Spring to me
Is a bright yellow sun
Hazy white rays
filtering through budding tree branches
The light dancing in the breeze
With so many fragrant petals
Pink and falling
Riding the air
Like a gentle snow
The air warm with
the heady scent
of growing things
And the promise of freedom.
And, cherry blossom photoshoots! Because what’s spring without a cherry blossom photoshoot ;)
Spring, in general, is a wonderful time to take family photos. The weather is warm, but not brutally hot, mosquitoes are not yet out, and the light is usually mild and pretty for the camera. Add in a magical canopy of velvety pink cherry blossoms and you're taking things to a whole new level!
Here are some tips on how to get the best pictures during cherry blossom season.
1) WHERE TO LOOK:
The first step here is obviously to find a tree to photograph your family under. What most people don’t know, though, is that this can be the most fun part of the process!
Here are some tips on where to look.
Check your own backyard
Sometimes our own treasures are completely overlooked. If you’ve got a blossoming tree, good for you! And it doesn’t have to be specifically a cherry tree - apple blossoms, magnolias, and dogwood are super beautiful, too!
If you don’t have a blossoming tree on your own property, the best place to look is around your neighborhood. Trees on your block or in a friendly neighbor’s yard are much less likely to be surrounded by crowds of people jostling for a photo op, which is a very real scenario in most public parks! Take some slow walks with your kids, and see who can spot the prettiest blooms! I’ve got the best memories of slow strolls with my kids during previous seasons. It’s a great way to get out, get some sunshine, and enjoy each other's company.
Keep an eye out when you’re in the car and take note of different blossoming trees you see around town. It could be in the school yard, on a side street, or even in a commercial parking lot. All these are great spaces to find your perfect tree.
Parks, parks, parks!
Visit your favorite local parks and look out for blooming trees!There are some public parks that are known for rows and rows of stunning cherry blossoms. Those are usually the most crowded though, and may be closed during this season, so be prepared and call ahead!
2) WHAT TO LOOK FOR
Here’s how to choose the perfect tree for your photo-op:
1) Choose a tree with branches low to the ground, so that you’ll get more color behind the kids. This can be a young, short tree, a tree with low branches, or a weeping cherry tree that grows in an umbrella shape.
2) Alternatively, you can get someone to gently pull one of the longer, more flexible branches down to the ground on one side, so you get a nice arch to frame your subject. (of course, be gentle and avoid damaging the tree!)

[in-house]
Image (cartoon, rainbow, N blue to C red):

3) Look for a spot where the space under the tree isn't raked, landscaped, or "cleaned up" too often. A little bit into the season, the petals begin to fall and create a magical carpet under the tree. That looks magnificent in photos, so take advantage!
4) Ideally, look for more than one tree in a row. This way, you can seat your subjects under one, and get that gorgeous pink petal carpet, and still have others pinking up the background.
5) If you get a day late in the season when the petals are constantly falling, your photos will be even more magical! But don't let it get too late or you run the risk of missing the blooms to a rain or late frost...
3) WHAT TO WEAR
Now that you've got your tree, it's time to plan the next step… wardrobe!
Clothes make a huge difference to any photoshoot, but when it comes to cherry blossom shoots they can actually add a whole lot to the overall aesthetic. Here are some general pointers I like to share with my clients:
1) Keep it timeless. Think of your photoshoot as commissioning a painting. What clothing would fit? Which styles would add to the look and feel you want to achieve, and which fads or colors would distract from it? As a rule of thumb, I personally like to use clothing that could have been worn 50 years ago… and will still be beautiful in 50 years from now.
2) Look for textures that add flow and will catch light and movement. For example: a thin, starched cotton dress will poof up and show movement better than a polo fabric. Tulle or lace will catch light better than a jersey knit.
3) Comfort is Key. Make sure the clothing is appropriate for the weather and that the kids aren't too cold or hot. Uncomfortable kids = recipe for disaster, so pay attention to the weather. For example, thin summer fabrics or short sleeves can work wonderfully if you layer up with cute little cardigans or knit blankets when the evening chill sets in.